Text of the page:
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By Jordan W. Charness

Peter was in a hurry. He had just dropped off his wife and older children at the entrance to the theatre, where his youngest daughter was going to be performing in public for the very first time. He was very proud of her even though she didn’t actually have a speaking part. He had promised to be there for her grand entrance and she was in one of the very first scenes in the play.

Unfortunately it was one of those days. Despite their best intentions, Peter and Mary had left the house late, blaming each other for the delay. The fact that the older kids seemed to move like molasses every time they were in a hurry didn’t help either. By the time they got to the theatre the parking lot was full and Peter found himself circling while looking at his watch while looking for a parking place.

He finally found one that seemed to be almost, sort of, kind of legal if he could only squeeze his SUV into that tiny spot. Parallel parking had never been his strong suit but this time he was determined to make it in one shot. Everything went well right up until he heard the tiniest of crashes as he was backing up.

Out he went, shaking his head and muttering to himself that he hoped he didn’t actually cause damage to another car. He first looked at his own car and was relieved to see that there was no evidence of damage. The hood of the car behind him however did seem to have a dent about the size of a fist that looked like it might have been there for a long time or else could have been brand-new.

He debated driving away and just parking in another spot but his conscience got in the way. (That and the fact that he knew there wasn’t another spot for several blocks as he had just spent the last 15 minutes circling.)

With another quick look at his watch he hastily wrote a note that he placed under the windshield wiper of the car that he may have damaged. It went like this:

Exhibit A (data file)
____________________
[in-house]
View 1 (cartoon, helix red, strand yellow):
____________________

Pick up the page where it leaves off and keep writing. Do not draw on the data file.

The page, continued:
“I noticed that the hood of your car seems to have a dent in it that could possibly have been there for a long time. It is equally possible that I backed into it and the bumper of my car caused the damage. If indeed that dent was not there when you parked your car please give me a call on my cell phone at 555-1212 and I will take care of it. Sincerely, Peter”

He then ran to the play and made it just in time to see his youngest triumphantly enter stage left.

During intermission, his cell phone vibrated with a telephone number displayed that he didn’t recognize. A voice on the other end congratulated him for his honesty but was positive that the brand-new dent was Peter’s fault. Peter arranged to meet him when the play was over to exchange information.

Although Peter thought that he had done the right thing in this situation, actually he had just barely made it through without being charged with a hit-and-run. If he had left the scene of the accident and parked somewhere else he would have been guilty of the offence of leaving the scene of an accident without reporting the damage. Even though he may have thought that there was no one around, there is always someone watching!

Just leaving a note under the windshield wiper was not sufficient either. According to law if you cause damage and cannot find the owner of the property that you damaged, you must immediately contact the police and file a police report admitting to the damage and giving all of your contact information. While you can and should leave a note on the property you damaged, simply leaving a note without contacting the police will not fulfill your legal obligations.

Anytime you have a one-driver accident, it’s up to you to make sure that either the owner of the property or the police or both know all about it.

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